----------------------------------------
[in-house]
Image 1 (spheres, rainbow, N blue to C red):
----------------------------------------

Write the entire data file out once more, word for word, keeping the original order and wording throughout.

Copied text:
[in-house]
Image 1 (spheres, rainbow, N blue to C red):